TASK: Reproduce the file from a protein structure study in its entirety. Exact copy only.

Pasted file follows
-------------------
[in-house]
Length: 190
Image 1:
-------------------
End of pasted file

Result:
[in-house]
Length: 190
Image 1: